African Child Soldiers

“The section leader ordered us to take cover and open fire. There were seven of us, and seven or ten of the enemy. I was too afraid to look, so I put my face in the ground and shot my gun up at the sky. I was afraid their bullets would hit my head. I fired two magazines, about forty founds. I was afraid that if I didn’t fire the section leader would punish me.”
- Khin Maung Than, recruited by Burma’s national army at age eleven

The Facts

- Child soldiers, once captured, can become cooks, porters, spies, messengers, guards, combat soldiers and they can even be used for suicide missions.

- In countries including Uganda, reports show that more then a third of the soldiers used in combat are females.  They may serve as soldiers, be raped, or be given to military commanders as their wives.

- Some children offer themselves up to be soldiers because of economic and/or social pressure, and they believe that being a part of an armed force will keep them fed and safe.

- Children that are not well-off are more likely to become a part of an armed force than those who are.

- Advances in technology have made weaponry just as easy for children to operate as adults.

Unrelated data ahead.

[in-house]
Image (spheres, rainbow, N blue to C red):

- Due to the fact that children are not mentally and emotionally mature yet, they are more vulnerable and are easy to control and brainwash.

- The Coalition to Stop the Use of Child Soldiers is working hard to put an end to the use of children for warfare.


“Early on when my brothers and I were captured, the LRA explained to us that all five brothers couldn’t serve in the LRA because we would not perform well. So they tied up my two younger brothers and invited us to watch. Then they beat them with sticks until two of them died. They told us it would give us strength to fight. My youngest brother was nine years old.”
- Martin, recruited by the Lord’s Resistance Army in Uganda at age twelve









"I was captured in Lofa County by government forces. The forces beat me, they held me and kept me in the bush. I was tied with my arms kept still and was raped there. I was fourteen years old. . . . After the rape, I was taken to a military base. . . I was used in the fighting to carry medicine. During the fighting I would carry medicine on my head and was not allowed to talk. I had to stand very still. I had to do a lot of work for the soldiers, sweeping, washing, cleaning. During this time, I felt really bad. I was afraid. I wanted to go home, but was made to stay with the soldiers."
- Evelyn, recruited in Liberia by government forces at age fourteen
For more child soldier here


Works Cited

“The Voices of Child Soldiers.” Human Rights Watch. 2 Feb 2007. <>

 “Child soldier use rises globally.” BBC News. 2 Feb 2007.

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 “Facts about Child Soldiers.” Human Rights Watch. 2 Feb 2007.


“Children on the Front Lines.” Amnesty International. <>

 Boddy-Evans, Alistair. “Africa's Child Soldiers Aren't Only Boys.” 26 April 2005. 2 Feb 2007.


 The Coalition to Stop the Use of Child Soldiers. 2 Feb 2007.  <>



Meredith Lokan